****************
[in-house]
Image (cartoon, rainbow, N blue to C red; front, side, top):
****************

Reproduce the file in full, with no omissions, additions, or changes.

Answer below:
[in-house]
Image (cartoon, rainbow, N blue to C red; front, side, top):